The seared tuna with ponzu dressing. Photo / Babiche Martens

Restaurant Review: Stanley Avenue Is Milford's Gloriously Indulgent Wine Bar

With charcoal mayo, venison tartare and mushroom profiteroles, this North Shore wine bar and bistro has an unmistakable nous for creating charming culinary moments

STANLEY AVENUE WINE BAR & BISTRO
Cuisine: Bistro
Address: 52 East Coast Rd, Milford
Phone: (09) 410 0066
Reservations: Accepted
Drinks: Fully licensed
From the menu: Crab sandwich $6; pork chicharron $5; mushroom profiterole $5; seared tuna $19; mushroom dumpling $18; venison tartare $20; barbecue venison $34; lamb cutlets and saddle $34; beef cheek $32
Rating: 17/20
Score: 0-7 Steer clear. 8-12 Disappointing, give it a miss. 13-15 Good, give it a go. 16-18 Great, plan a visit. 19-20 Outstanding, don’t delay.

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This is the most exciting sort of new restaurant because it’s a new style of restaurant, as well as not having been open all that long. It’s all very well launching an Asian-fusion eatery doing shared plates on the city fringe, and Stanley Ave’s frontman Matt Aitchison has more than enough contacts and experience to do that, but instead he’s left the isthmus entirely and returned to his home patch, in Milford, to open a bar-bistro on a popular neighbourhood street corner.

There aren’t many good restaurants on the Shore, and each new one helps define the genre.

You might remember Matt’s face from Masu or Cassia, and it’s a good face — when you see it upon entering a restaurant, you know you’ve made the right decisions with your life. I’ve never had a bad time when he’s in charge, and this was no exception.

"Loads of thought has been put into the fit-out," says Jesse. Photo / Babiche Martens

Before its current tenant, the building spent a very short time as an organic food store and prior to that sold hunting supplies, a history the new owners have honoured by laser-cutting the door from the old safe and turning it into a tabletop in the central booth.

This is the spot you should try and nab if you have any choice in the matter, although anywhere will do (there are outside tables that are popular with smokers, by the smell of things). Loads of thought has been put into the fit-out, which features nifty floating tables and a wine rack at ceiling height that stretches around the room.

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Matt made his name as a sommelier so you should invite him to choose something for you — that’s what we did and ended up with a beautiful, textural vouvray that was so good it was hard to move on to anything else.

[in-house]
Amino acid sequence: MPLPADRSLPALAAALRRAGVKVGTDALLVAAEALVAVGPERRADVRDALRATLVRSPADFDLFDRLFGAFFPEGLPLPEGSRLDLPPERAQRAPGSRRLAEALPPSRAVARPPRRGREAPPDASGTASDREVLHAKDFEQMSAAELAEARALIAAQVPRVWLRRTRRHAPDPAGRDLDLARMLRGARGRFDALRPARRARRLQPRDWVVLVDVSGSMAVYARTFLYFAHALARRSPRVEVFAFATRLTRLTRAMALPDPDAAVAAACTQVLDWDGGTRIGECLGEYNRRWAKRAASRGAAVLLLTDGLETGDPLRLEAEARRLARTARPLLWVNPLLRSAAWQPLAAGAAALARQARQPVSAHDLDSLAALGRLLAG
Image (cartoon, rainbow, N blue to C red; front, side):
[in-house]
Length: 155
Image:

Stanley Ave seems to be pitched as a wine bar with food but if you want to treat it as a restaurant you’ll find nothing missing. We (my uncle, aunt and I) started with a round of snacks that arrived eventually, following a brief misunderstanding that was more fun than frustrating.

The pork chicharrones with nduja rillette and dates. Photo / Babiche Martens

Like that scene in Spinal Tap where the heavy metal band requests a lifesize model of Stonehenge for the stage but accidentally supplies the measurements in inches rather than feet, I asked for “one each” of three small snacks and received three tiny snacks in total: one per person.

I’ve thought and thought about how I could have made this clearer and I think the only way the English language will allow it is if I’d specifically said “bring me nine snacks”. Anyway we all had a good laugh about that, including waiter Matt, who has spent so much of his life taking orders in restaurants that, if he gets something wrong, you know with certainty that it’s your fault.

They were delicious, those snacks: a seasonal mushroom profiterole, a pork-on-pork — that had spicy heat from nduja and a single fragrant curry leaf on top — and a white-bread crab sandwich that tasted good if a little out of context: for a moment I felt like I was attending an investiture at the Governor General’s house.

The seared tuna with ponzu dressing. Photo / Babiche Martens

For my entree I had a brilliant and unexpectedly spicy venison tartare, served with a smoky charcoal mayo and big crunchy lavosh crackers for scooping. The seared tuna was perfectly done — not drenched in dressing like a classic ceviche but served cold, raw and largely unadulterated, with crunchy puffed rice and a citrus-heavy ponzu.

My wife had opted out of this meal because she feared the mains would all be classic bistro-style meats, heavy on the jus and low on fresh flavour.

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She wasn’t wrong but that’s not a criticism, just a note that you should be sure this is the style of food you’re keen on before you make your booking. If it is, you will be incredibly happy — there is so much hearty flavour in every dish that you don’t seem to be able to order badly.

Aunt Jane’s beef cheek was served as a whole but cooked so long and slowly that you could have eaten it with a spoon — the parmesan polenta was an extremely happy indulgence.

The venison tartare with charcoal mayonnaise and lavosh. Photo / Babiche Martens

If lamb is on the specials menu you must order it — the chefs are slowly making their way through a whole organic lamb so are being stretched creatively to use each part of it. My saddle cut, which was served ballontine style, stuffed with chicken “mousse” and served with caraway-glazed pink cutlets, was one of my favourite meals all year.

Matt owns this place with his sister Kathryn and some others, and it felt right to be eating in this family restaurant with my family.

It’s a no-brainer if you live nearby but, like The Engine Room, well worth crossing the bridge for too.

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